Turning Gratitude Into Action on World Hemophilia Day
I am lucky to live in the United States, where medication to treat hemophilia and von Willebrand disease is easy to obtain. Had I been born in a developing country, I might not be alive today.
My treatment includes injections of expensive blood-clotting medicine called factor. Access to factor medications and proper medical care has saved my life and improved its quality.
According to the World Federation of Hemophilia (WFH), half of all people with severe hemophilia born in developing countries die before age 10. According to the WFH, access to healthcare and treatment for hemophilia in developing countries are profoundly limited. The WFH estimates there are around 400,000 people with hemophilia worldwide. Of these, about 75% have little access or no access to care, and only about 115,000 have even been diagnosed.
Increasing awareness about bleeding disorders is essential. Bleeding disorders, even mild ones, can cause life-threatening problems at all stages of life. As a community, there are a few ways to help improve the lives of our blood brothers and sisters living in developing countries.
Save One Life
The mission of the nonprofit organization Save One Life is to ensure that all people with bleeding disorders in developing countries have the medical and economic resources necessary to live independent and productive lives.
Chris Bombardier has severe hemophilia B. His journey through Nepal to summit the world’s tallest peak, Mount Everest, was featured in the documentary film “Bombardier Blood.” In 2018, he became the first person with hemophilia to scale the seven summits, each continent’s highest peak. Chris is now executive director of Save One Life.
The documentary shows how access to factor products can be the difference between a life in a wheelchair and the ability to scale mountains. It is a must-see for those in the hemophilia community and beyond.
Save One Life’s Project SHARE accepts donations of factor, which they send to areas of the world where access is limited. They also have a sponsorship program for children and young adults diagnosed with bleeding disorders. A monthly donation helps families purchase food, medicine, clothing, transportation, treatment, and education.
The World Federation of Hemophilia and World Hemophilia Day
The World Federation of Hemophilia is a nonprofit organization with a global network of patient organizations in 147 countries. According to the organization’s website, it has been providing global leadership to help improve and sustain care for people with bleeding disorders, including hemophilia, von Willebrand disease, rare factor deficiencies, and platelet disorders for over 50 years.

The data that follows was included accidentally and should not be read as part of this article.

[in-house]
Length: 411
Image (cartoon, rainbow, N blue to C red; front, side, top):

April 17 is World Hemophilia Day. This year’s theme is “Access for All: Partnership. Policy. Progress. Engaging your government, integrating inherited bleeding disorders into national policy.” According to the WFH, by raising awareness and bringing hemophilia and other inherited bleeding disorders to the attention of policymakers, we can increase sustainable and equitable access to care and treatment.
The website includes an advocacy toolkit for raising awareness on social media and a letter for contacting your government officials.
Light It Up Red campaign
The Light It Up Red campaign is part of World Hemophilia Day. According to the WFH, thousands of people last year showed their support by lighting up red over 100 landmarks in cities worldwide. This year’s landmarks that will light up in support include Gilbert’s Water Tower in Arizona, the Mid-Hudson Bridge in New York, and the Skydance Bridge in Oklahoma. The CN Tower in Toronto and Niagara Falls also will be lit red and feature a livestream view.
Let’s spread the word about World Hemophilia Day to support those with bleeding disorders who are not as fortunate. We should not stop until access to medication and care is available worldwide.
Note: Hemophilia News Today is strictly a news and information website about the disease. It does not provide medical advice, diagnosis, or treatment. This content is not intended to be a substitute for professional medical advice, diagnosis, or treatment. Always seek the advice of your physician or another qualified health provider with any questions you may have regarding a medical condition. Never disregard professional medical advice or delay in seeking it because of something you have read on this website. The opinions expressed in this column are not those of Hemophilia News Today or its parent company, BioNews, and are intended to spark discussion about issues pertaining to hemophilia.